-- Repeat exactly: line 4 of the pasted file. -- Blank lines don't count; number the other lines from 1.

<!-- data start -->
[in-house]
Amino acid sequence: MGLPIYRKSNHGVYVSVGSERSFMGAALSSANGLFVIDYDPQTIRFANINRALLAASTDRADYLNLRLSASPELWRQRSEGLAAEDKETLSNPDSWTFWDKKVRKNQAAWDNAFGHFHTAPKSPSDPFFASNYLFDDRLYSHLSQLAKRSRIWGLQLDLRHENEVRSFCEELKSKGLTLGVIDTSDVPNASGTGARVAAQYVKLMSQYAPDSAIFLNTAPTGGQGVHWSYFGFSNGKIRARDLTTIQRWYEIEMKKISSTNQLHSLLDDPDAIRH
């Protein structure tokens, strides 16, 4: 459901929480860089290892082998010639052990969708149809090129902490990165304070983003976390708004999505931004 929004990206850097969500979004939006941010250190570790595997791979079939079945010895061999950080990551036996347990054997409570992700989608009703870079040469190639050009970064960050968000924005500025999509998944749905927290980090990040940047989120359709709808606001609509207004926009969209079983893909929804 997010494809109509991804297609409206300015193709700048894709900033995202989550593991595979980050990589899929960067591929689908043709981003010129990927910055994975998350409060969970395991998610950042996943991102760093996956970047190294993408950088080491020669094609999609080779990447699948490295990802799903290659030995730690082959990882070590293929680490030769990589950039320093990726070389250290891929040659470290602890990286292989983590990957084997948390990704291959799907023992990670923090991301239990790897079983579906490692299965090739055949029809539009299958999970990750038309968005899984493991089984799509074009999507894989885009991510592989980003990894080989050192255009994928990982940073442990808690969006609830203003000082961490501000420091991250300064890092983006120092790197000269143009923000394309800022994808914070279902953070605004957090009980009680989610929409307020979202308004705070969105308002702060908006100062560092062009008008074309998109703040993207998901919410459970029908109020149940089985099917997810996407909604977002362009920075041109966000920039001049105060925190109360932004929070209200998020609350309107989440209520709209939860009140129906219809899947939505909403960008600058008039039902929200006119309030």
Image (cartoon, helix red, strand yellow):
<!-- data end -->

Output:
Image (cartoon, helix red, strand yellow):